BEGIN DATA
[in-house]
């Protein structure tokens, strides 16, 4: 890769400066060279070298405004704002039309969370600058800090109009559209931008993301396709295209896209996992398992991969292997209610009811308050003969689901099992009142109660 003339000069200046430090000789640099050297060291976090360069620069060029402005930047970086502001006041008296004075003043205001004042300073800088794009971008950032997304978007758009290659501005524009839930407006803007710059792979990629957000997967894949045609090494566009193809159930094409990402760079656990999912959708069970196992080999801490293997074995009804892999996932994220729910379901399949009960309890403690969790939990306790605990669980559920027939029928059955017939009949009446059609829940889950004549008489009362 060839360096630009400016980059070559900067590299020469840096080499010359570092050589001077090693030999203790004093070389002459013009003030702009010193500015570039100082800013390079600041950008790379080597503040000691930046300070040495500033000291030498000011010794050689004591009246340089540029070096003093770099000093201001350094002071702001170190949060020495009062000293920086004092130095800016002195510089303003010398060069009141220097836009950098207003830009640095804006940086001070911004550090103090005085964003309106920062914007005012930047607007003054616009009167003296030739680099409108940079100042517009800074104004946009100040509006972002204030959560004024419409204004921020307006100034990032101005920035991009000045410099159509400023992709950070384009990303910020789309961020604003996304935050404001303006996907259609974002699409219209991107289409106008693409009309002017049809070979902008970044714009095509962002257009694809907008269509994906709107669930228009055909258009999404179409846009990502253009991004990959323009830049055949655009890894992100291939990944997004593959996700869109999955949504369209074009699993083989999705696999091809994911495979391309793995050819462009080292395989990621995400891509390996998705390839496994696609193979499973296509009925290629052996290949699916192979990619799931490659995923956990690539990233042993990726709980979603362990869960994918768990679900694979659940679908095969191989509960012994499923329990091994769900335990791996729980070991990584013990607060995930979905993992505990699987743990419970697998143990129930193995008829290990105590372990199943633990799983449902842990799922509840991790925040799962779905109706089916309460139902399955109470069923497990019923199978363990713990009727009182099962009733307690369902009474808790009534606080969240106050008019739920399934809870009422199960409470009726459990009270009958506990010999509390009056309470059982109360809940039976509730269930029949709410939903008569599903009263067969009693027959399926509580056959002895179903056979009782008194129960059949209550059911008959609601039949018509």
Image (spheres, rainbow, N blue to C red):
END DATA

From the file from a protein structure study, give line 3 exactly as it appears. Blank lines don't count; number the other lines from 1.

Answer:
Image (spheres, rainbow, N blue to C red):